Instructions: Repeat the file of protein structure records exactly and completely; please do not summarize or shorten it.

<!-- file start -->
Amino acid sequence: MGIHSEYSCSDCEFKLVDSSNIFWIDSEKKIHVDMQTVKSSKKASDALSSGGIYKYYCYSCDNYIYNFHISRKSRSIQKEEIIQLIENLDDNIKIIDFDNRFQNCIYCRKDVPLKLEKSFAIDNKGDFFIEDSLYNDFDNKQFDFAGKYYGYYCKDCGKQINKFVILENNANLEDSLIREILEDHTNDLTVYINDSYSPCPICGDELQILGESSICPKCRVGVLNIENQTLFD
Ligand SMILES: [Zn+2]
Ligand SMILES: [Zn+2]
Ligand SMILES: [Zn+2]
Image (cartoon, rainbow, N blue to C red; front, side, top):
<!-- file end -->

Amino acid sequence: MGIHSEYSCSDCEFKLVDSSNIFWIDSEKKIHVDMQTVKSSKKASDALSSGGIYKYYCYSCDNYIYNFHISRKSRSIQKEEIIQLIENLDDNIKIIDFDNRFQNCIYCRKDVPLKLEKSFAIDNKGDFFIEDSLYNDFDNKQFDFAGKYYGYYCKDCGKQINKFVILENNANLEDSLIREILEDHTNDLTVYINDSYSPCPICGDELQILGESSICPKCRVGVLNIENQTLFD
Ligand SMILES: [Zn+2]
Ligand SMILES: [Zn+2]
Ligand SMILES: [Zn+2]
Image (cartoon, rainbow, N blue to C red; front, side, top):